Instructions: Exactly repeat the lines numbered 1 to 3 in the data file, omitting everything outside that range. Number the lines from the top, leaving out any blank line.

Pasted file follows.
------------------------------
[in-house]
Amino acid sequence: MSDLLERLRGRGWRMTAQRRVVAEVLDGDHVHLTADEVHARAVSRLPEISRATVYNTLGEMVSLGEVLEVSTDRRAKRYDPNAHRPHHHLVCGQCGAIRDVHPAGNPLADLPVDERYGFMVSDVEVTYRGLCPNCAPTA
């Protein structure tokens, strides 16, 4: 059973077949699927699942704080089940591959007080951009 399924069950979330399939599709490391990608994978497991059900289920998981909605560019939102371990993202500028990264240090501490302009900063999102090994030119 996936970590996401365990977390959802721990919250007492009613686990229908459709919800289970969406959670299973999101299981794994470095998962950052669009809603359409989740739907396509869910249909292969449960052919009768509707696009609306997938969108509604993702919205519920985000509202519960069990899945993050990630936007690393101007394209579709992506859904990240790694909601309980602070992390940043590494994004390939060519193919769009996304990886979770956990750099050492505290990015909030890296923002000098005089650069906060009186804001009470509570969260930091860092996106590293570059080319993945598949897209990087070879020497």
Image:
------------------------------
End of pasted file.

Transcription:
[in-house]
Amino acid sequence: MSDLLERLRGRGWRMTAQRRVVAEVLDGDHVHLTADEVHARAVSRLPEISRATVYNTLGEMVSLGEVLEVSTDRRAKRYDPNAHRPHHHLVCGQCGAIRDVHPAGNPLADLPVDERYGFMVSDVEVTYRGLCPNCAPTA
């Protein structure tokens, strides 16, 4: 059973077949699927699942704080089940591959007080951009 399924069950979330399939599709490391990608994978497991059900289920998981909605560019939102371990993202500028990264240090501490302009900063999102090994030119 996936970590996401365990977390959802721990919250007492009613686990229908459709919800289970969406959670299973999101299981794994470095998962950052669009809603359409989740739907396509869910249909292969449960052919009768509707696009609306997938969108509604993702919205519920985000509202519960069990899945993050990630936007690393101007394209579709992506859904990240790694909601309980602070992390940043590494994004390939060519193919769009996304990886979770956990750099050492505290990015909030890296923002000098005089650069906060009186804001009470509570969260930091860092996106590293570059080319993945598949897209990087070879020497």